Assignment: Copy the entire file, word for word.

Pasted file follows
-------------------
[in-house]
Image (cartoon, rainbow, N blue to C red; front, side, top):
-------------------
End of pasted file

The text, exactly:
[in-house]
Image (cartoon, rainbow, N blue to C red; front, side, top):